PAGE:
[Discuss] Publish OSHW with CC0?

Emilio Velis contacto at emiliovelis.com
Wed Nov 5 16:30:26 UTC 2014

As I've commented before on this list, the best way to do could be through
a decentralized database. I think it was Peter Troxler who mentioned of one
that already exists. However, it would be interesting to create a
worldwide-applicable open source database that works as a prior art
database. So for example, you pay this organization to take your
application from scratch or by signing a legal document on which you waive
your patent. Then, they open the technology to the public and help you make
sure this patent isn't awarded anywhere else.

Pretty hard to implement, but this is why patents are a pain.

On 5 November 2014 10:12, alicia <amgibb at gmail.com> wrote:

> For what it's worth, we did have a discussion around this point involving
> lawyers from the EFF. The blog post of what was recommended that day lives
> here:
> http://www.oshwa.org/2013/12/05/open-hardware-legal-meetup-nyu-nov-11/
> It was very much centered around fitting within the legal system that
> already exists.
> What Andrew infers is true, they are willing to help remove a stupid
> patent, for example, but don't necessarily think on oshw legal matters for
> us.
> Alicia
> On Wed, Nov 5, 2014 at 8:19 AM, Andrew Katz <Andrew.Katz at moorcrofts.com>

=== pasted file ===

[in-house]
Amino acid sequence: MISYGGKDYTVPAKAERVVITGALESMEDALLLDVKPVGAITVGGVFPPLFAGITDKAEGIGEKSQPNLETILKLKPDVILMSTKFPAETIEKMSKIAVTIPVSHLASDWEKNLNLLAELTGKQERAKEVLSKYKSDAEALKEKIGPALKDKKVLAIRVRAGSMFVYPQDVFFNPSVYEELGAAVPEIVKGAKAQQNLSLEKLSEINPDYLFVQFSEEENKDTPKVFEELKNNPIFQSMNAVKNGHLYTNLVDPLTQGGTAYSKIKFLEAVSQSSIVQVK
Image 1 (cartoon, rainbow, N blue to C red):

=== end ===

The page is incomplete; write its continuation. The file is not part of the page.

> wrote:
>> Hi Javier
>> > On 11/05/2014 03:43 PM, Andrew Katz wrote:
>> > > How do you determine which objects are subject to that compulsion, and
>> > which aren’t?
>> >
>> > Very naively, I would say "those whose designer wished so." There would
>> be
>> > nothing forcing people to build and use those objects, but if they did,
>> they'd
>> > need to comply with the license.
>> Indeed - so there would need to be an underlying IPR which needs to be
>> licensed in the first place, and then we're back to questions of how easy
>> it should be to obtain that IPR, and how to prevent it from being misused
>> by proprietary companies...
>> >Anyway, I acknowledge this is a very complex
>> > debate and I fully see your and Michael's points. In fact, your
>> concerns are
>> > similar to mine: you fear we end up sharing less in our effort to share
>> more. I
>> > fear that we are already in that situation to some extent, because we
>> are using
>> > (and therefore
>> > strengthening) the same IPRs other people use to prevent more sharing.
>> > You both have more experience and knowledge on the (im)possibility of
>> > creating a difficult-to-pervert IPR, so I'll go with you on that.
>> Yes indeed. I'm really glad this is being aired (and it's nice to be in
>> an internet conversation which is civilised!), but it's a topic that comes
>> up with reasonable regularity. I'm still (as you know) far from convinced
>> that it's worth putting much effort in trying to put together a more
>> comprehensive hardware copyleft regime, until (unless) we are sure that, on
>> balance, the good outweighs the evil. By saying " you fear we end up
>> sharing less in our effort to share more" you’ve encapsulated the issue
>> much more neatly than I could!
>> Best
>> Andrew
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